The updates of the game have always been a topic and concern for both developers and players. Faced with bugs, constantly adjusting operation plans, players’ consumption rate of game content, and the regular version schedule, developers sometimes have to updates for many times to the game, even during a short time period. On the other hand, players are conflicted. They despise bugs and expect the game to provide more new experiences such as new modes, heroes, and skins. However, when faced with the “update” button that often requires several gigabytes and the new version upon starting the game, they become a little restless, thinking, “I just want to start a game quickly as usual.”
What is the ideal update frequency and pace? AAA games constantly make patches or hot fixes, but is it responsible or irresponsible towards players?
Is it better to have a faster update frequency for games?
First of all, let’s make it clear: it is not.
One thing to consider is that players may not be able to keep up with the pace of game updates. For example, some MMORPGs have major updates every six months, introducing new levels or new parties. In this case, items from six months ago may greatly depreciate after the major update. This kind of update benefits many players by giving them new motivation to obtain equipment and keeping active players engaged. However, for some players, this can be a burden. If they miss a season or if they are new to the game, it becomes difficult for them to catch up with other players.
In addition to these major updates, some games may have additional new content every two weeks or three weeks. Game developers will attract players to log in during each update cycle and complete various tasks within a relatively short time, as they may otherwise miss out on many events/task rewards.
In addition, for some competitive games, excessively frequent updates will greatly increase the learning cost for most players. If combos in games like Naraka: Bladepoint are adjusted every month, it would be a disastrous experience for players. Because action games differ greatly from FPS or MOBA game genres, there are combo moves and various combinations of skills. Players need to spend a lot of time learning these things on the training ground. Therefore, if we constantly update the combos, players will have to continuously learn new ones. If the “special moves” that they spent a lot of time practicing are weakened or become unusable, it will only accelerate player churn.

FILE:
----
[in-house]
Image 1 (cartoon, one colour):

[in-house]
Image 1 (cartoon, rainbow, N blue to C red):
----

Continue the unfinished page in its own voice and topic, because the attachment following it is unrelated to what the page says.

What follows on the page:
From the perspective of game developers, launching a new map, hero, or weapon requires a significant amount of manpower and time cost. For example, players often mention the desire for “a new map,” but map design is usually one of the most complex elements in the game development process. It easy for the art team to take approximately one year to design, test and release a new map in a game. Similarly, successful battle royale games like Apex Legends and PUBG also require one year to develop and release a new map.
How to find the optimal solution for updating frequency
If you want to find the potential optimal solution for update frequency or pace, first we need to dig a bit deeper on how many ways there are to update a game:
Event-based updates: Games like DOTA2 follow this pattern. These games are often updated (big ones) around major tournaments, whether it’s a major update or a minor one, they try to avoid conflicts with the tournaments.
Seasonal update system: Games like Apex Legends follow this pattern. Updates are based on seasons, where each season introduces new battle passes and heroes, while the rest of the time focuses on minor fixes and adjustments.